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Local wife testifies at sentencing of Army Sgt. Bowe Bergdahl

The wife of a man seriously wounded and left paralyzed during the military's search for Sgt. Bowe Bergdahl in 2009, testified on Monday during Bergdahl's sentencing hearing.

A metro Atlanta woman took the stand today at the court-martial sentencing hearing of Army Sergeant Bowe Bergdahl.

In tears, Shannon Allen described how her husband was grievously wounded while was searching for Bergdahl, after Bergdahl walked off of his post eight years ago.

Bergdahl also took the stand to apologize.

There has been no decision in the case yet. The military judge may announce Bergdahl's sentence as soon as later this week. He may face up to life in prison for desertion and for endangering the lives of the service members who searched for him -- including Master Sergeant Mark Allen of Loganville, serving with the Georgia National Guard's 48th Brigade.

Allen's wife, Shannon Allen took the stand, and fighting back tears, she described life after an enemy sniper's bullet pierced the helmet of Master Sergeant Allen while he took part in a search mission for Bergdahl in July 2009.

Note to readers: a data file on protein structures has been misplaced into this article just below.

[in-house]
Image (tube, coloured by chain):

RELATED | Bergdahl searchers describe harrowing firefight, serious wounds

MORE | 'My words can't take away their pain'

She spoke of how they were married in 2006, and she showed photographs of him. She said he had been an outgoing, happy, vibrant man, and active in their children's lives.

But after he had been shot in the head during the search for Bergdahl, he has had more than a dozen surgeries. Doctors have had to remove part of his brain. He remains paralyzed and cannot speak.

"We can't even hold hands anymore unless I pry open his hand and place mine in there," Sharon Allen said. "He's lost me as a wife. Essentially, instead of being his wife, I'm his caregiver."

She spoke for about 30 minutes. And as she left the courtroom, she walked past Bergdahl, looking straight ahead, not at him.

Bergdahl's attorneys had tried to exclude Shannon Allen's testimony as being prejudical -- but the judge allowed and will take what she said into account when he decides Bergdahl's sentence.

Bergdahl himself, testifying Monday afternoon, apologized, saying, "My words can't take away what the people have been through."

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